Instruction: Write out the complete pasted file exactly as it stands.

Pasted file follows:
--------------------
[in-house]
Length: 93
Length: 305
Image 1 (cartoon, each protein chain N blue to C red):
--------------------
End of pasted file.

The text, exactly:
[in-house]
Length: 93
Length: 305
Image 1 (cartoon, each protein chain N blue to C red):